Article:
Xu, R. H., Wang, L. L., Zhou, L. M., Wong, E. L., Wang, D.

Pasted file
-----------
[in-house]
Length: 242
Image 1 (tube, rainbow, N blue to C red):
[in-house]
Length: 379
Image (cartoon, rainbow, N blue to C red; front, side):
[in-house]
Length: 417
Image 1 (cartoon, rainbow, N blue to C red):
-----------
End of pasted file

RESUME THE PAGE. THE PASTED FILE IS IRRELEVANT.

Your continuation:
OBJECTIVE: This study aimed to investigate the urban-rural differences in associations between financial toxicity (FT), physical health-related quality of life (HRQoL), negative emotional status, and the effect of patients’ socioeconomic status and clinical and cost-related characteristics on the levels of FT in a sample of Chinese cancer survivors. METHODS: Data were obtained from a cross-sectional survey conducted by the oncology department at two tertiary level hospitals in China. The COmprehensive Score for financial Toxicity, Euroqol five-level instrument (EQ-5D), and Depression Anxiety Stress Scale – 21 (DASS-21) were used to measure patients’ FT, physical HRQoL, and negative emotional status. A latent class analysis was used to identify patient subgroups with distinct symptom experiences based on self-reported data on symptom occurrence using the EQ-5D and DASS-21. RESULTS: Four distinct latent classes were identified: all low (47.6%); high physical and low psych (18.6%); low physical and high psych (17.1%); and all high (17.1%). Rural patients younger than 50 years showed a statistically significantly higher FT than urban patients. Rural patients who were male, highly educated, insured, first hospitalization, new cases, received surgery or immunotherapy, and had low cancer-related costs in all low classes showed a higher FT than urban patients. CONCLUSIONS: Rural patients with cancer suffered from higher FT than their urban counterparts, and the negative impact of psychological distress on FT was higher than that of physical HRQoL.